How Reader’s Digest cut its page-load time by 40 percent this year

Your grandmother’s favorite magazine is getting a makeover to ready itself for the digital age.

Trusted Media Brands, the publisher of titles including Reader’s Digest, Taste of Home and The Family Handyman, cut down the average time users have to wait before they can scroll on its webpages from 3.5 seconds a year ago to 2 seconds today, said Nick Contardo, vp of product and tech at TMB. The publisher did this by switching content management systems, increasing the amount of content it caches and reducing its ad calls.

In February, TMB began migrating its sites from the CMS TeamSite to WordPress. While WordPress is an off-the-shelf product that any publisher can plug into, its interface is more intuitive for digital publishing than a legacy product like TeamSite, which has existed since the 1990s.

With TeamSite, simple tasks like creating slideshows and embedding images became pain points, Contardo said. Having a more modern CMS allows the editorial and tech teams to make adjustments more easily whenever a snafu occurs. It also lets editors more efficiently use their time, which is why TMB listicles now include about 35 images on average, up from 15 on average with the old CMS.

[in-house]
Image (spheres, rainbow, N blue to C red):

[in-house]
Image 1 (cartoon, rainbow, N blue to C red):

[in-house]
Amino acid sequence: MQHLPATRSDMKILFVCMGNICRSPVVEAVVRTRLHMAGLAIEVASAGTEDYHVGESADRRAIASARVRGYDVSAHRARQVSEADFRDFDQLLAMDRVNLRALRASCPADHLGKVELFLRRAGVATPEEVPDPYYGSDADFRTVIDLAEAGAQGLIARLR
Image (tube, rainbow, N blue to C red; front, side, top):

Caching lets publishers temporarily store content so it doesn’t have to be loaded all at once. TMB built internal tools that compress and store images, which helped it increased the amount of content it caches.

About seven months ago, the publisher served a cached webpage to about 55 percent of its users, Contardo said. Today, about 80 percent of its users access cached pages. This has helped the publisher reduce the amount of time it takes to load the first byte of data that users encounter by 40 percent to 0.3 seconds, according to WebPagetest. Contardo said the speed bump has led to an increase in impressions and pageviews per session, but he declined to provide raw numbers.

TMB also got more judicious about the ad tags on its page. It audited its pages and found that it was…

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